It was only a month ago that most Baltimoreans learned that the Housing Authority of Baltimore City (HABC) is contracting to sell off about half of its 10,300 federally subsidized low- income apartments to private companies.

The Baltimore Brew broke the news in a series of stories that irritated Housing Commissioner Paul Graziano and prompted several radio appearances and a March 12 City Council hearing.

But although many people were in the dark about the new program, called the Rental Assistance Demonstration Program, or RAD, it wasn't a secret. Graziano's people had been meeting with low-income housing advocates and posting fliers in the authority's buildings for months.

"They came in here and left notices on each floor" just before Christmas, says Floyd Vines, a resident of the J Van Story Branch senior apartments on 20th Street. "I said, 'What-they going to privatize?' Not that I was automatically skeptical. But I was like, 'This is the guy they send in to take you out.' I was joking with him-'Are you with the CIA or something?'"

The program itself has been known to housing policy insiders since at least 2012. And those who didn't know probably could have guessed what was coming. The Van Story Branch apartments are slated for a "phase two" sale; HABC estimates they need more than $19 million in rehab.

Underlying the arguments and worries about what might become of vulnerable elderly and disabled tenants under the new regime is a policy shift that has systematically diverted federal tax money away from direct housing subsidies and into the pockets of banks and wealthy corporations for nearly three decades.

Since 1986, public housing has been built mostly using the Low Income Housing Tax Credit, which allows a dollar-for-dollar reduction in federal taxes for those who buy it.

While nearly 100,000 new units of low-income housing have been built or renovated annually under this program, the buildings erected in the 1950s and '60s using direct federal subsidies have been torn down-mainly because of lack of maintenance. "HUD estimates a national backlog of deferred maintenance and capital need of approximately $27 billion," the Housing Authority says in a handout it's titled Frequently Asked Questions.

Coincidentally, $27 billion is what the Low Income Housing Tax Credit cost the federal treasury from 2010 through 2014.

The total tax expenditure-that is, taxes foregone by the federal government-from the Low Income Housing Tax Credit since its 1986 inception is in excess of $100 billion.

"I went back and did a little research on the Low Income Housing Tax Credit," City Councilman Bill Henry says. "And, unsurprisingly, it's a product of the Reagan administration. People say it's the most successful affordable housing program ever, and of course it is, because its operation requires that the private sector make money."

Graziano would not have chosen it, but it's the best option he has. "RAD is the best choice because, simply, there are no other choices available to HABC or HUD that have the potential to be this transformative for public housing and its residents," he writes in the FAQ, adding that Baltimore's share of the $27 billion housing maintenance and repair backlog is $800 million. "Given the current climate in Congress, there is no realistic expectation that there will be federal funding available in that magnitude for public housing."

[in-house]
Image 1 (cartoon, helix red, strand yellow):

Graziano says that through the magic of the Low Income Housing Tax Credit, RAD will allow HUD to invest over $6 billion nationwide in public housing "without further appropriations from Congress."

"Doing nothing is also not an option," Graziano says. About 1 percent of all HUD-funded public housing is lost each year to lack of maintenance. "HABC is not immune to this trend."

Phase one of the plan would sell 11 publicly owned complexes to private companies that have already won the right to purchase them in a Request for Proposal bid that happened last summer, according to HABC's handout. Eleven more sales will happen in phase two, beginning in 2015.

HABC chose 10 developers to operate the 11 HABC-owned projects. Enterprise Homes will get The Allendale at 3600 W. Franklin, PIRHL Development the Bernard E. Mason Senior Apartments at 2121 Windsor Garden Lane and The Woda Group will take over The Somerset Court on the 600 block of Aisquith St.

Michaels Development gets Pleasant View Gardens on the 200 block of Aisquith; The Community Builders gets the McCulloh Homes Extension at 501 Dolphin St.; Telesis gets The Brentwood at 410 E. 25th Street; Landex gets the Bel-Park Tower (3800 W. Belvedere Ave.) and the Lakeview Towers on Druid Park Lake Drive; Community Preservation & Development Corp. gets Hollins House at 1010 W. Baltimore St.; The French Companies/Community Housing Partners is taking over Primrose Place at 820 S. Caton Ave.; and Pennrose is taking over the Wyman House at 123 W. 29th St.

"The consideration for applying primarily for the mixed-population high-rises is that with only one exception they are all single-building developments and therefore significantly easier to finance through the [Low Income Housing Tax Credit], which HABC had determined was a necessary element of any RAD transaction," HABC says.

Housing advocates have been scrambling to check up on the companies, says Jessica Lewis of the Right to Housing Alliance, an organization led by low-income residents.